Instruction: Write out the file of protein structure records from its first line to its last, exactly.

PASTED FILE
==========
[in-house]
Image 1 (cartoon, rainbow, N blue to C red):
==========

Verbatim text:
[in-house]
Image 1 (cartoon, rainbow, N blue to C red):